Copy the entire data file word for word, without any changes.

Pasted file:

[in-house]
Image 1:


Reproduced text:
[in-house]
Image 1: